Justin Bieber and the beliebers
Justin Bieber is surrounded by a group of Beliebers. Photo: Lwp Kommunikáció, Flickr

Celebrity worship as parareligion

Can we find religious characteristics in the relationship between a celebrity and his or her fans? Yes we can, according to a newly published article by Peter Ward. 


Religion and popular culture in America
Third edition (2017)

Ed.: Bruce David Forbes og Jeffrey H. Mahan.

Professor Peter Ward 

Ward takes his point of departure in a visit made by Justin Bieber to Oslo in 2015.

«They were trying to carry on as if it was just a normal day at the Lutheran Seminary in Oslo, Norway. Students training for the ministry attended their classes in the usual way, but the noise coming from outside was starting to make things difficult. There had been a warning that there might be some disruption, but the reality was still quite overwhelming. Justin Bieber was to stop off in Oslo for a special performance that day. The televised special was to be filmed in a student venue right next door to the Norwegian School of Theology, and as a result the ministerial students found themselves staring out of the windows at a different kind of devotion altogether.» 

This is how Peter Ward, professor II at MF, begins one of the chapters in the book Religion and Popular culture in America. The chapter Bieber and the Beliebers: Celebrity Worship as Parareligion deals with the relationship between the popular singer, Justin Bieber, and his large group of fans who call themselves “Beliebers”.

During Bieber’s visit to Chateau Neuf, Ward observed that he was dealing with two different kinds of devotion. On one side of the window were those being “inducted into a formal and authorized religious life in Christian ministry; on the other, there is the deregulated personal devotion of the Beliebers” (p. 315).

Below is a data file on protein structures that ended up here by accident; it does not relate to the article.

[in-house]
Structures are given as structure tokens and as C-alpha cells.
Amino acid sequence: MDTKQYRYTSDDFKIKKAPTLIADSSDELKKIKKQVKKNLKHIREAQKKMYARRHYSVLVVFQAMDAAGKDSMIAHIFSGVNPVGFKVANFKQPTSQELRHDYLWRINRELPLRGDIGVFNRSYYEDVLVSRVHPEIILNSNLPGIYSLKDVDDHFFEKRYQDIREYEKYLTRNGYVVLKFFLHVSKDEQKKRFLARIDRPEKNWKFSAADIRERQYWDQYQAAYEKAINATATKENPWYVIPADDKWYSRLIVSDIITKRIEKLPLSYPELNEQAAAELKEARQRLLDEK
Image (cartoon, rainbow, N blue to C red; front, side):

It is commonly recognized that traditional forms of religion are gaining fewer adherents. At the same time, researchers agree that religious emotions and actions are more frequently becoming visible in popular culture. Peter Ward calls this parareligion: Celebrity worship is not religion, but has clear parallels to religion.

- There are many similarities and parallels between traditional religiosity and the relationship between celebrities and their fans. Some of their actions and behaviour seem religious, for instance in the way dead celebrities are memorialized. The main feature is nevertheless the way their relationship is described by the media and commentators, says Ward.

The Holy Self
In the article, he highlights that Bieber can be read as a complicating factor in terms of the religious characteristics of celebrity worship, because Bieber himself is clear about his Christian faith and communicates it to his fans. The artist is also clear that human beings should not be worshipped, and that this is dangerous.

Ward argues that the self is what is “holy” in the relationship between celebrities and fans, and in our culture in general. Celebrities contribute to this because they represent something we can either identify with or dissociate ourselves from.

- We are constantly renegotiating ourselves, and this self-project appears is considered holy in our society. In the relationship between celebrities and fans, it is the fans who work on their self-image, while the celebrity becomes the focus of this project. In this way, celebrity culture has become one of the main resources in our process of creating our own self-image.